Snapchat, the image messaging / social media platform with over 180 million daily users, is arguably the defining generation dividing app. There are millions using it as their default for communicating and sharing, but most parents barely understand it beyond the warnings of drug dealers and inappropriate exchanges. Snapchat remains a wilderness for many "grown-ups." 60% of its users are under 25, compared to 40% for Instagram and 29% for Facebook. But if Kylie Jenner is tweeting that she’s ditched the app, should your brand or campaign even bother trying to get their heads round it?

 

A VERY BRIEF HISTORY OF SNAPCHAT

Snapchat was an instant hit. Within a year of its September 2011 release date, over 2 million images were being sent per day. First known as the sexting app with the sole function of sending auto-deleting images, a few years on and the app has (mostly) shed that reputation, whilst receiving a design facelift. Now there are ‘stories’ that stay up for 24 hours; a map where you can track your friends (which has unsurprisingly created a few privacy issues and caught out a few cheaters); and a ‘discover’ tab occupied by celebrity gossip, sports news, media companies and adverts. This is where you’d turn to for updates on the Kardashians, footballers and anyone that falls under the category of rich and famous.

 

A MAKEOVER AND A MELTDOWN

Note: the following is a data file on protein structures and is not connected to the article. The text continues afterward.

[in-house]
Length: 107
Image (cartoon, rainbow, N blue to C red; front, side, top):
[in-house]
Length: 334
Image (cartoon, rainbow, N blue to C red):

Last month, Snapchat unleashed a redesign (we'll spare you the details incase the ins and outs already confuse you) which has been criticised for confusing and obscuring some of its user’s favourite features. The backlash has included a million-strong petition (enough to earn 10 debates in Parliament), celebrity stamps of disapproval and dropping share prices. The “all publicity…” line rings true here as the controversy has helped drive a 55% increase in downloads. Whilst some are predicting Snapchat’s decline, increased downloads and a loyal, young and traditionally hard to reach audience mean there are still opportunities for campaigns and brands to take advantage of.

 

HOW SHOULD YOU USE IT?

Smart, funny and weird content on Snapchat can still go viral, as proven by the bizarre popularity of the ‘Dancing Hot Dog’ filter last summer. Cadbury’s released a filter that turned your eyes into Creme Eggs, which, whilst expensive to produce and promote will be front and centre and people will share it.

Shrewd and savvy companies are now trying to make short clips that are funny and natural, matching the lo-fi look of user-made content. The way Snapchat adverts blend into other news and user content means that while the 10 second videos used for Instagram may work, they’re often too slick and stand out as advertising.

For the 2017 general election, Snapchat teamed up with the Electoral Commission to add a filter that encouraged people to register to vote. The Vote Leave Campaign and Donald Trump’s team both claimed the platform was important in their electoral victories. How vital they were is up for debate, but clearly Snapchat is the best place to go if you want to target under 25s and get your message or product in front of them.

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